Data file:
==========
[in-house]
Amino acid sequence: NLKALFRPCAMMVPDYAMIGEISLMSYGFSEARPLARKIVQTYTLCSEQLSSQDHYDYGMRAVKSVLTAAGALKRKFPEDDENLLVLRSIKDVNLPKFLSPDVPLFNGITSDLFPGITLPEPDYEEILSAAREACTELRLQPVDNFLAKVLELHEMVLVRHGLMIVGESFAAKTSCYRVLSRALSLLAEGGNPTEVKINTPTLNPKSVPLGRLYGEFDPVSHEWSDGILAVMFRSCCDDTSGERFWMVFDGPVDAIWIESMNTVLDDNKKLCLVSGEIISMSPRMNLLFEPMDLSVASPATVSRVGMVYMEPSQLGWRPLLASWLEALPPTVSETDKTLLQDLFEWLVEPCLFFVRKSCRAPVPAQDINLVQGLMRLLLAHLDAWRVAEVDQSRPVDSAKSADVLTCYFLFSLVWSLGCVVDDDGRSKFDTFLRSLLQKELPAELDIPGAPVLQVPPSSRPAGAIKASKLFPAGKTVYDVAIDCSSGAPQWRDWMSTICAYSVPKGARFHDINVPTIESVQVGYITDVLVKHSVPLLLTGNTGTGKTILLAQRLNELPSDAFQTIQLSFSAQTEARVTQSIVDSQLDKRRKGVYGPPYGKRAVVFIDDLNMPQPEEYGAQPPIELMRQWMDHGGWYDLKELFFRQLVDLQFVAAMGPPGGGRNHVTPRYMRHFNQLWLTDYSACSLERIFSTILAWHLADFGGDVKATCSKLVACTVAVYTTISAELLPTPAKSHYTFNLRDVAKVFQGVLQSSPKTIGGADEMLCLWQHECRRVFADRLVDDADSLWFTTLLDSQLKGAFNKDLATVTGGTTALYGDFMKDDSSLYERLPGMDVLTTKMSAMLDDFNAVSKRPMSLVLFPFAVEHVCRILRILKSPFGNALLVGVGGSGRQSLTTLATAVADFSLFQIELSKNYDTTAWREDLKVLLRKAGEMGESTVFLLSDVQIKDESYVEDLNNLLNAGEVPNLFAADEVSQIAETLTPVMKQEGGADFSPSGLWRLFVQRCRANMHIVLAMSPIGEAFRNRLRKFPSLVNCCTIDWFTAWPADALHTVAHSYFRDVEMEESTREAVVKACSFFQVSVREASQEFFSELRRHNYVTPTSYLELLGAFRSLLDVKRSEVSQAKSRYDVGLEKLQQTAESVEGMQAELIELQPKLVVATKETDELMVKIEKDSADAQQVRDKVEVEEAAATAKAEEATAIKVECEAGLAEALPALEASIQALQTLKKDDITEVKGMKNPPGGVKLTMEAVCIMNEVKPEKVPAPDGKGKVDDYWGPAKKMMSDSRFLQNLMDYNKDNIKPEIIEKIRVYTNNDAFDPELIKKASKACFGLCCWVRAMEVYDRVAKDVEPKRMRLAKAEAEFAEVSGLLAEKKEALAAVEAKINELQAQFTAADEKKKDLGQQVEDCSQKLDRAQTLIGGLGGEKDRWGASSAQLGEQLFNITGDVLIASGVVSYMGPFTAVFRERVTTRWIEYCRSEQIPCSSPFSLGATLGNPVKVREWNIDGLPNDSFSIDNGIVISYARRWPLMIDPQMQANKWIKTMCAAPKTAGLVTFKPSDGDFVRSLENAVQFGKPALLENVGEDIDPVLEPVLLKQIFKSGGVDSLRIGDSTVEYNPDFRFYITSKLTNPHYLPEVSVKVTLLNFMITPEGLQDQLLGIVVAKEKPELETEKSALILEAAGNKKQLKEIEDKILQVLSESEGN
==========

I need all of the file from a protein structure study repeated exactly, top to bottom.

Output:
[in-house]
Amino acid sequence: NLKALFRPCAMMVPDYAMIGEISLMSYGFSEARPLARKIVQTYTLCSEQLSSQDHYDYGMRAVKSVLTAAGALKRKFPEDDENLLVLRSIKDVNLPKFLSPDVPLFNGITSDLFPGITLPEPDYEEILSAAREACTELRLQPVDNFLAKVLELHEMVLVRHGLMIVGESFAAKTSCYRVLSRALSLLAEGGNPTEVKINTPTLNPKSVPLGRLYGEFDPVSHEWSDGILAVMFRSCCDDTSGERFWMVFDGPVDAIWIESMNTVLDDNKKLCLVSGEIISMSPRMNLLFEPMDLSVASPATVSRVGMVYMEPSQLGWRPLLASWLEALPPTVSETDKTLLQDLFEWLVEPCLFFVRKSCRAPVPAQDINLVQGLMRLLLAHLDAWRVAEVDQSRPVDSAKSADVLTCYFLFSLVWSLGCVVDDDGRSKFDTFLRSLLQKELPAELDIPGAPVLQVPPSSRPAGAIKASKLFPAGKTVYDVAIDCSSGAPQWRDWMSTICAYSVPKGARFHDINVPTIESVQVGYITDVLVKHSVPLLLTGNTGTGKTILLAQRLNELPSDAFQTIQLSFSAQTEARVTQSIVDSQLDKRRKGVYGPPYGKRAVVFIDDLNMPQPEEYGAQPPIELMRQWMDHGGWYDLKELFFRQLVDLQFVAAMGPPGGGRNHVTPRYMRHFNQLWLTDYSACSLERIFSTILAWHLADFGGDVKATCSKLVACTVAVYTTISAELLPTPAKSHYTFNLRDVAKVFQGVLQSSPKTIGGADEMLCLWQHECRRVFADRLVDDADSLWFTTLLDSQLKGAFNKDLATVTGGTTALYGDFMKDDSSLYERLPGMDVLTTKMSAMLDDFNAVSKRPMSLVLFPFAVEHVCRILRILKSPFGNALLVGVGGSGRQSLTTLATAVADFSLFQIELSKNYDTTAWREDLKVLLRKAGEMGESTVFLLSDVQIKDESYVEDLNNLLNAGEVPNLFAADEVSQIAETLTPVMKQEGGADFSPSGLWRLFVQRCRANMHIVLAMSPIGEAFRNRLRKFPSLVNCCTIDWFTAWPADALHTVAHSYFRDVEMEESTREAVVKACSFFQVSVREASQEFFSELRRHNYVTPTSYLELLGAFRSLLDVKRSEVSQAKSRYDVGLEKLQQTAESVEGMQAELIELQPKLVVATKETDELMVKIEKDSADAQQVRDKVEVEEAAATAKAEEATAIKVECEAGLAEALPALEASIQALQTLKKDDITEVKGMKNPPGGVKLTMEAVCIMNEVKPEKVPAPDGKGKVDDYWGPAKKMMSDSRFLQNLMDYNKDNIKPEIIEKIRVYTNNDAFDPELIKKASKACFGLCCWVRAMEVYDRVAKDVEPKRMRLAKAEAEFAEVSGLLAEKKEALAAVEAKINELQAQFTAADEKKKDLGQQVEDCSQKLDRAQTLIGGLGGEKDRWGASSAQLGEQLFNITGDVLIASGVVSYMGPFTAVFRERVTTRWIEYCRSEQIPCSSPFSLGATLGNPVKVREWNIDGLPNDSFSIDNGIVISYARRWPLMIDPQMQANKWIKTMCAAPKTAGLVTFKPSDGDFVRSLENAVQFGKPALLENVGEDIDPVLEPVLLKQIFKSGGVDSLRIGDSTVEYNPDFRFYITSKLTNPHYLPEVSVKVTLLNFMITPEGLQDQLLGIVVAKEKPELETEKSALILEAAGNKKQLKEIEDKILQVLSESEGN